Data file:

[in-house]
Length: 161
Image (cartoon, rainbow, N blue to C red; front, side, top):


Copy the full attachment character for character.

[in-house]
Length: 161
Image (cartoon, rainbow, N blue to C red; front, side, top):